Please Update your browser

Your browser is out of date, and may not be compatible with our website. A list of the most popular web browsers can be found below.
Just click on the icons to get to the download page.

Jakarta Post

Trump, in departure remarks, says he 'will be back in some form'


    Agence France-Presse

Washington, United States   /   Wed, January 20, 2021   /   09:49 pm
Trump, in departure remarks, says he 'will be back in some form' WASHINGTON, DC - JANUARY 20: President Donald Trump and first lady Melania Trump prepare to depart the White House on Marine One on January 20, 2021 in Washington, DC. Trump is making his scheduled departure from the White House for Florida, several hours ahead of the inauguration ceremony for his successor Joe Biden, making him the first president in more than 150 years to refuse to attend the inauguration. (Agence France-Presse/Eric Thayer/Getty Images)

US President Donald Trump said he will be "back in some form" before boarding Air Force One for Florida on Wednesday ahead of the inauguration of his successor, Joe Biden.

"This has been an incredible four years," Trump said in brief remarks to staff, supporters and members of his family gathered at Joint Base Andrews outside Washington.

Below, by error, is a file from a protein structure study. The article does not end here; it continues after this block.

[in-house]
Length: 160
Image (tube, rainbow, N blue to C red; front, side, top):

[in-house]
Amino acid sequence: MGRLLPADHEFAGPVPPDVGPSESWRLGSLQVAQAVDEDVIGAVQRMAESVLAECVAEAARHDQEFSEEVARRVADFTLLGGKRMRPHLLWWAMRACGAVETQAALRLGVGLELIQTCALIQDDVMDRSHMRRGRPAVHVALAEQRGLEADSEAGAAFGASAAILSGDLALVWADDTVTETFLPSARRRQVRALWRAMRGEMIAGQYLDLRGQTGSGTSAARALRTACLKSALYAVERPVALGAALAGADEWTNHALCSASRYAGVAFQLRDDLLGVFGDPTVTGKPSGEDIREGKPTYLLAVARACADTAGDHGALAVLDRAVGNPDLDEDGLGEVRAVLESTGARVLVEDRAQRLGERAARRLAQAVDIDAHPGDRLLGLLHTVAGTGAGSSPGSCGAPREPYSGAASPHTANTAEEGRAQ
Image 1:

"We've accomplished so much together," he said. "I will always fight for you.

"We will be back in some form."

Trump did not address Biden by name but said he wishs the new administration "great luck and great success."

Trump will be at his Mar-a-Lago resort in Florida when Biden is sworn in at noon (1700 GMT).

He is the first president in more than 150 years to snub the inauguration of his successor.

Trump also decided to leave a letter to his successor Joe Biden before leaving the White House, spokesman Judd Deere told AFP minutes after his departure. 

Trump, who refused to accept his defeat for more than two months, never congratulated Joe Biden on his victory.

"We are just temporary occupants of this office," Barack Obama wrote in his own note to Trump four years ago, left in the Oval Office in line with presidential tradition.

"That makes us guardians of those democratic institutions and traditions... that our forebears fought and bled for. Regardless of the push and pull of daily politics, it's up to us to leave those instruments of our democracy at least as strong as we found them," he added.